It’s also important to find out whether your card has travel insurance that covers a company’s financial insolvency, he said. If it does, you probably will be covered.

You also could be covered if you bought a travel insurance policy that covers insolvency. Call the policy issuer to see whether you are covered.

Understand the bargain airfare risk

  • When you fly an ultra-low-cost carrier, the Allegiants, Spirits and Frontiers of the world, or have chosen a basic economy fare, you are in for a ride that could be bumpy if you don’t understand the terms and conditions.

You may pay extra for things such as a carry-on bag or seat selection you get as a matter of course with a regular coach fare on a legacy carrier. You may have to board the plane last if you have a basic economy fare, which is its own walk of shame.
Before you book consider whether the basic fare is worth it and whether the math makes sense.

Kaplan perused airfares on a legacy carrier for a trip from the Washington, D.C., area to south Florida for him, his wife and his child; the total was about $1,500. Then he looked at an ultra-low-cost carrier; the tab was $1,000 less for the three of them.

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Yes, they would have to pay to check a bag, but they decided the cost of one checked bag (in which they put all their stuff, being mindful of the weight limit) still made the low-cost carrier a better deal. And because he’s an airline analyst, he knows a thing or two about terms and conditions — and was willing to live with them.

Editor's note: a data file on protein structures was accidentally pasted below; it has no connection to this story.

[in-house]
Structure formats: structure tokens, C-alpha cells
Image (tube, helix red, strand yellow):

In the end, price was more important than product.

Reconsider whether price should be the primary driver of your ticket purchase

Leisure travelers are notoriously price-sensitive, but here’s a great truth: You get treated better if you’re an elite flier on a certain airline because loyal customers tend to speak well of their experience, said Janelle Estes, chief insight officer of Usertesting, a San Francisco-based company that allows organizations to see themselves through their customers’ eyes.

Those are the customers airlines want — and customers airlines want to keep — so a carrier may go out of its way to ensure that the experience is positive.

If you tend to buy based on price alone, you’re not going to be anyone’s favorite child.

In her work, Estes helps airlines understand the importance of building empathy for customers to make their experience more enjoyable. When she told me that, I wondered why we don’t build empathy for ourselves.

I know that every dollar spent on a higher fare steals, in days or experiences, from our hard-earned vacation. But if you bracket your trip by punishing yourself in the cheap seats just to save a few dollars, don’t you undermine the premise of your trip?

No one wants to overpay, but in this day and age, the pressure of price can wind up being a punishment. A trip is designed to be a time when you take it easy; maybe you should also take it a little easier on yourself.